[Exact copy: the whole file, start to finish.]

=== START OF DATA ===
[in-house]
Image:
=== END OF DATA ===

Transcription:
[in-house]
Image: